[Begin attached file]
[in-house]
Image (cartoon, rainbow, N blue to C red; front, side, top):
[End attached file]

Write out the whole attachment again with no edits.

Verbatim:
[in-house]
Image (cartoon, rainbow, N blue to C red; front, side, top):